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After Redundancy: Living in and out of Architecture

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Redundant architect James Whitaker has looked behind the statistics of the recession to see what redundancy has meant for individual architects in this selection of portrait photographs now on show at the RIBA

This exhibition documents the variety of directions that 24 architects took after redundancy, producing results from cake shop proprietor and journalist, to lighting designer and charity activist.

Each photograph in the exhibition is accompanied by a personal statement about how the individuals took the next step after redundancy and where they are now or hope to be.

The photographs will be displayed from the 3-22 of February at RIBA, 66 Portland Place, London.

Sophie Teh, B.Sc.Arch.(Hons), B.Arch.(Hons) ARB RIBA
Sophie is setting up Baker & Té to pursue her ambition of running her own business making and trading her other great interest and preoccupation - ethereal, decadent cakes. ‘When I came to a crossroads about what I could do next with my career, this was my instinctive idea- mixing architecture and good food is my ultimate idea of creative and sensory indulgence.’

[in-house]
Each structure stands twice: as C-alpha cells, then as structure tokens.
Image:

Neal Newlands, B.A.(Hons), M.Arch
‘I worked for the NHS throughout my early twenties and while studying architecture to support myself. After being made redundant I was reluctant to go back. I am very glad to be working again and truly valuing positive feedback from the hospital department I am temping in. I get a sense of self-worth that I am doing a noncommercial orientated job.’

Josephine Leeder, B.A.(Hons), M.Arch
‘Losing my job the day after practical completion of my first building was pretty harsh, though not unexpected in this hideous climate. Since then I have been trying out new recipes with the grand plan of doing vegetarian dinner parties for folk in their own home.’

James Dale, B.A.(Hons), M.Arch
‘Since being made redundant in November 2008 teaching hours have increased to 2 days a week (at Edinburgh University), leading studios in the second and third year degree. Alongside this I have undertaken the design of several small house and loft extensions for private clients. And I am currently working for and alongside an architect as part of a small team building a timber framed house on the Kingsland Road, London.


Dominic Humphrey, B.Arch, (Hons) M.Arch, ARB
‘The change that losing my job has brought about has been really positive and much needed. It was terrifying at the time with all the headlines about the next great depression and a huge pile of loans on top of me, however it lead to a new job doing something which I would have not considered nor had the opportunity to do in Edinburgh, and been the catalyst for personal change and new experiences.’

Neal Greenshields, M.A.(Hons), M.Arch
‘Redundancy is a tough process to go through. They say that ‘its not you, its your position that has become redundant’which may be true however a psychologist I recently met pointed out that in psychological terms its all BS. In addition the jobcentre doesn’t help in lifting the spirits at all.’